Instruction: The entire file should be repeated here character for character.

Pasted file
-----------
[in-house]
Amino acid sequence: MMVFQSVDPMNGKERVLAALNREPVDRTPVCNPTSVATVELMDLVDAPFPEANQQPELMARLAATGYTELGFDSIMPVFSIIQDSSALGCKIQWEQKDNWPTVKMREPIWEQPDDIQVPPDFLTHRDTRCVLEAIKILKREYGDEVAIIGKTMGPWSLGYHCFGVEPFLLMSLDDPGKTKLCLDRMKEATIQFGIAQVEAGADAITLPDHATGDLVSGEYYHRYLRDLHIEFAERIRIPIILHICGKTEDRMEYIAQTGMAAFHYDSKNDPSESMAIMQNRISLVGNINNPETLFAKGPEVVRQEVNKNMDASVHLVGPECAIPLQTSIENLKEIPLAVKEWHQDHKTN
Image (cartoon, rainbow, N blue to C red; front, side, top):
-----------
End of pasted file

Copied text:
[in-house]
Amino acid sequence: MMVFQSVDPMNGKERVLAALNREPVDRTPVCNPTSVATVELMDLVDAPFPEANQQPELMARLAATGYTELGFDSIMPVFSIIQDSSALGCKIQWEQKDNWPTVKMREPIWEQPDDIQVPPDFLTHRDTRCVLEAIKILKREYGDEVAIIGKTMGPWSLGYHCFGVEPFLLMSLDDPGKTKLCLDRMKEATIQFGIAQVEAGADAITLPDHATGDLVSGEYYHRYLRDLHIEFAERIRIPIILHICGKTEDRMEYIAQTGMAAFHYDSKNDPSESMAIMQNRISLVGNINNPETLFAKGPEVVRQEVNKNMDASVHLVGPECAIPLQTSIENLKEIPLAVKEWHQDHKTN
Image (cartoon, rainbow, N blue to C red; front, side, top):